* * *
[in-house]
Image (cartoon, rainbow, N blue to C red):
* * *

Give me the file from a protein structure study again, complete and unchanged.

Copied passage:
[in-house]
Image (cartoon, rainbow, N blue to C red):